"A key point to bear in mind: The value of attentiveness varies in proportion to its object. You're better off not giving the small things more time than they deserve."
— Marcus Aurelius
This week's keyword for me is clarity. It is easy to be swept up by all the things we have to do at any given time. We've talked about this in past issues, right?
This happens in both directions: we get carried away looking too far into the future, just as we get drowned from our past by things we could've done better. Neither of those gives you a real sense of direction: they are only pieces of feedback that tell you what you don't want, rather than where you should go.
I have many moving pieces and projects at the same time right now: architecting a new feature at Buffer, still performing a backend migration for Otter, working on my personal brand here, and on social media... And that's just the tip of the iceberg: for each of these three projects, many more tasks and to-do's make an appearance through the week.
That's why I need to put extra weight on my intention behind that clarity and make sure I'm doing the right things, at the right time, and with the right tools.
For brainstorming and putting my ideas in order, I'm using my iPad with GoodNotes as a portable whiteboard, and MindNode for creating mind maps. Mind-mapping is a powerful tool, and if you haven't tried it out ever, I can't stress enough my recommendation. I am a visual thinker, and when thinking about a topic, I can see in my mind a structured, multi-level view of all the sub-topics and things it's composed of. Being able to dump and explore that structure outside of my own head is critical to make quick progress and mostly to prevent myself from getting stuck in my own train of thought.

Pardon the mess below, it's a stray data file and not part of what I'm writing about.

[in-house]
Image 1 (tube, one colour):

For planning, I'm mostly keeping my bullet journal approach, but I'm trying a different set-up where I'm using Visualize Value's Daily Manifest. It is an interesting framework to plan your day, keep track of your habits, and find some alignment of your 90-day goals with your 30-day milestones and your tasks for the day.
When dealing with chaos, dedicate more time to anchor yourself on the important, and remain undisturbed by the rest.
Thanks for reading!
My good friend Tigran Hakobyan is distilling a collection of essays with his thoughts and learnings on remote work into a short book. Tigran is a very inspiring, reflective person to be around and I love his writing style. If you leave your email there, you'll get a 20% discount when he launches the book!
I've been reading these past few days this book by Edmond Lau on his views on the skills and techniques needed by senior engineers to be truly effective in the workplace and to multiply the teams around them. So far, it's been a really enjoyable read that I've found encouraging, mainly because I'm finding more reasons and validation for the principles and values I'm developing for myself. Excited to keep on reading it :)